I’ve been making these Fruitcake Bars more and more as the holidays approach. Not only are they incredibly simple to put together, unlike other fruitcakes, these really do taste great.
They can be made up to a week in advance, which will undoubtedly help alleviate holiday stress. It’s from my archives but thought it worth sharing again since folks enjoyed them so much at a recent Paris book event (and wine-tasting), and because the baking season is quickly approaching and it’s nice to have a recipe for a very easy-to-prepare dessert or snack.
These Fruitcake Bars, which are adapted from Alice Medrich’s wonderful book Pure Dessert, don’t have any icky green cherries or other inedible oddities in there. So you don’t have to worry about people giving you funny looks when you offer them a slice.
They’re packed with lots of healthy dried fruits and nuts, and are one of those great desserts to make when you don’t feel like going shopping, since you’re likely to have these ingredients on hand. There’s no butter either, so they keep for quite some time and could easily to filed under ‘low-fat’ recipes, so you don’t have to feel bad when you polish off the whole pan in one afternoon. But they’re so good, they really deserve to be shared.
And if you have small loaf pans, or other cake molds, the batter can be used to make individual cakes, which make great host or hostess gifts. I should know, because I already gave quite a few away already!
About 16 bars
Adapted from Pure Dessert by Alice Medrich
Feel free to use any friendly combination of dried fruits that strikes your fancy in these “Friendship Bars”. The dates really do make the recipe, but I’ve tossed in a scoop of dried sour cherries or cranberries, or candied ginger as well, with great results. Whatever you do, stick with the quantities below when swapping out other dried fruits and/or nuts.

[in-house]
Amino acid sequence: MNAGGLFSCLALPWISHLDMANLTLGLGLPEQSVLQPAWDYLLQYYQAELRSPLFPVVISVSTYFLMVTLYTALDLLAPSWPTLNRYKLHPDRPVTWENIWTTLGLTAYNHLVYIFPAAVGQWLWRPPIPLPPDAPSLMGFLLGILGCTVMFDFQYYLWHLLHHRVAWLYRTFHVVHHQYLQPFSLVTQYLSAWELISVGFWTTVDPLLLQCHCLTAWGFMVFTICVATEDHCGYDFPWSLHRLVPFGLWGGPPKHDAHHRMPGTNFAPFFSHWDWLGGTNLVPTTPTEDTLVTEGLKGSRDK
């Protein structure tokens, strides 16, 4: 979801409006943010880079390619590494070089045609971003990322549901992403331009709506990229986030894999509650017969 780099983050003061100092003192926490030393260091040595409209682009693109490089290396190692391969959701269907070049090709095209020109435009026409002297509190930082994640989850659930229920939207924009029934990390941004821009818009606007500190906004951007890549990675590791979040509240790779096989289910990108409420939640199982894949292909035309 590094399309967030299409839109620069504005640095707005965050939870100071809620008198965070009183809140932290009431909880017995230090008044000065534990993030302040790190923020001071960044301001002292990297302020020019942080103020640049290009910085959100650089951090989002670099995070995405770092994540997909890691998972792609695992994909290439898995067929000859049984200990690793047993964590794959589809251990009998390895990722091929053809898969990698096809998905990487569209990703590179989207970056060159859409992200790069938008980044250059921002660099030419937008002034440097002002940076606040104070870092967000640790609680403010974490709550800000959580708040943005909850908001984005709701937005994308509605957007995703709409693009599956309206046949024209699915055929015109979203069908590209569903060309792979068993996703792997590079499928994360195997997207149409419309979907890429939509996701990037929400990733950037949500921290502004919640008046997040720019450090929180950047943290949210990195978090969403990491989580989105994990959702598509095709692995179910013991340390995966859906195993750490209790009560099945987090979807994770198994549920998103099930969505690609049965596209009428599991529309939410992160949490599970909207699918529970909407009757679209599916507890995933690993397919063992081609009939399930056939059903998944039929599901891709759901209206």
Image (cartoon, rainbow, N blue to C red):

For those of you who are gluten-free, I imagine you could substitute another starch for the flour, but haven’t tried it. So if you do, please feel free to leave results in the comments. And if you decide to bake these in individual molds, increase the batter according to the capacity of the molds, and omit lining them with foil and just use non-stick spray.
- 6 tablespoons (50 g) flour
- 1/8 teaspoon baking soda
- 1/8 teaspoon baking powder
- 1/4 teaspoon salt
- 6 tablespoons (80 g) packed, light or dark brown sugar
- 2 cups walnuts, almonds, or pecans (200 g), toasted and coarsely chopped
- 1½ cups (170 g) dates, pitted and quartered
- 1 cup (170 g) dried apricot halves, preferably from California, snipped in half
- 1 large egg
- ½ teaspoon vanilla extract
1. Line an 8-inch (20 cm) square pan across the bottom and up the sides with two sheets of aluminum foil, making a big criss-cross with the sides overhanging.
2. Preheat the oven to 325F (160C) and position the rack in the center of the oven.
3. In a large bowl, toss together the flour, baking powder, baking soda, and salt. Add the brown sugar, walnuts, dates, and apricots. Use your fingers to mix the fruit, separate any pieces sticking together.
4. Beat the egg and vanilla in a small bowl, then mix it with the fruit and nut mixture until everything’s coated with the batter. Spread the mixture in the baking pan and press gently to even it out.
5. Bake for 35-40 minutes until the top of the bars are golden brown and has pulled away just-slightly from the sides of the pan. Cool the bars in the pan, then lift out.
6. To cut the cooled bars, use a heavy sharp knife, such as a bread knife, for ensuring neat, clean slices.
Storage: The bars can be stored in an airtight container at room temperature for up to a week. Individual cakes can be wrapped in plastic.